Computing Research Policy Blog

The Computing Research Association (or CRA) has been involved in shaping public policy of relevance to computing research for more than two decades. More recently the CRA Government Affairs program has enhanced its efforts to help the members of the computing research community contribute to the public debate knowledgeably and effectively.

Archive of articles posted in: August 2004

Outsourcing May Mean More IT Jobs for US?

ACM’s Queue has an article by Catherine L. Mann, of the Institute for International Economics here in DC, on the potential positive effect of the “global sourcing” trend in IT. Mann argues that just as outsourcing IT hardware production during the 1990s lowered product costs (by 20%), encouraging increased IT investment throughout the economy, the […]

Nuturing Innovation

Just a quick pointer to two interesting posts on innovation on Ed Felten’s Freedom to Tinker blog. Nurturing Innovation Nurturing Innovation II Here’s a good bit: Internet email was invented in 1971. Back then, could you have found even one single person in Washington who would point to this fledgling technology as one day being […]

Elections Chairman Thanks Computer Scientists for Work Raising E-voting Concerns

Wired covers remarks by DeForest B. Soaries Jr., chairman of the newly formed federal Election Assistance Commission, praising computer scientists for calling attention to security problems with e-voting machines and for helping develop new standards for building machines that might be more secure in the future. CRA’s affiliate organization the Association for Computing Machinery (ACM) […]

Tech Employment Numbers Improve?

CNet has this story on new employment figures released by the Department of Labor that shows a drop in the rate of unemployment for “computer and mathematical occupations” and “electrical and electronic engineers.” But the change might not be because of the most favorable reasons: The unemployment rate for computer and mathematical occupations–a category that […]

JetBlue Disclosure Didn’t Violate Federal Law

An update to a story we mentioned way back in January, the Army’s inspector general found that an Army data-mining project using data offered by JetBlue and a private data broker didn’t violate federal privacy rules. This may say more about the need to update federal privacy rules than it does about the privacy implications […]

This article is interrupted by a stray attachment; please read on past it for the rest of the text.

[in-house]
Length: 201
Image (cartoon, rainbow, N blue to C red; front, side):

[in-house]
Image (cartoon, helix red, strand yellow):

OMB Guidance to Agencies: High End Computing, Cyberinfrastructure are Priorities

The White House Office of Management and Budget — the gatekeepers of agency budgets in the executive branch — and OSTP have issued guidance to federal science agencies (pdf, 360kb) directing them to make high end computing and cyberinfrastructure investments a priority in their FY 2006 budget requests, even at the expense of “lower-priority” research […]

NSF Funding: Get Involved!

Apologies for the slow pace of updates recently. Things are a bit slow around DC this time of year. Congress is in recess for the month of August so that the Members can head home to their respective districts for primaries and lots of campaigning. They’ll be back September 7th, hoping to “wrap up” work […]

Tech Firms Want More Female Computer Whizzes

Great article in US News and World Report on the “corporate wake up call” regarding the participation of women in computer science. CRA’s Jan Cuny (and CRA’s Committee on the Status of Women in Computing Research (CRA-W)) gets a nice mention. Here’s a sample: That sense of isolation and inadequacy is one reason the number […]

Brain Drain in Tech’s Future?

ZDNet covers the drop in tech-related doctoral degrees in an article today that quotes CRA Board Chair Jim Foley. The article cites some reasons for the current downturn in doctoral degrees, including declining interest in the sciences among Americans, a temporary shift in the labor markets, and financial disincentives to pursue science and engineering doctorates. […]